1910 Renault AX
Year of manufacture1910
Number of seats2
1910 Renault AX 8HP
Registration no. AM 1812
Chassis no. AX24695
The little twin-cylinder Renault AX had its first public showing at the 1908 London Motor Show. It was welcomed by the French magazine Omnia in the following terms: "It is very much to the taste of the public, who see it as a move towards the voiturette... that car for poor people that can render so many services. I hope that they won't weigh down this nice little chassis, built to carry neat two-seater bodywork, with huge coachwork capable of carrying five people!"
But of course they did, for the twin-cylinder Renault chassis was quickly adapted as a taxicab, in which guise the model was well-known in Paris and London, its finest hour being the rushing of reinforcements to the front in September 1914 when the advancing German Army threatened Paris. This achievement earned the Renault taxi the proud title "Taxi de la Marne", its immortality guaranteed by the preservation of one of those gallant Renault taxis in Les Invalides in Paris.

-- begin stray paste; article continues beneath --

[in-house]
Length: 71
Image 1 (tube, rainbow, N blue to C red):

This car, however, is the archetypal two-seater, which became well-known in the hands of one of the great characters of the Veteran Car Club, Louis Holland, who had trained his African Grey parrot to imitate a Klaxon and sing "Get out and get under", and who apart from a wonderful collection of automobilia owned 6000 78 rpm gramophone records (including all Edwardian comedian Harry Tate's "Motoring" sketches and a recording of 10,000 trained canaries singing "Liebestraum"...).
Louis was a great friend of Michael Banfield's, so when the opportunity came at a Brooks sale in December 2000 for Michael to acquire Louis' trademark Renault AX, he successfully bid for it. Originally imported through Renault agents A. Gaal Ltd of Hanover Square, Regent Street, London, whose dealer plate is strategically displayed on the bonnet, this well-known Edwardian comes complete with a buff logbook detailing its owners from 1956 until Louis Holland acquired it in 1961. Purchased by the current owner in 2014, AM 1812's red and grey two-seater bodywork bears the gentle patination of appreciative use over the past half-century and is said to be running well.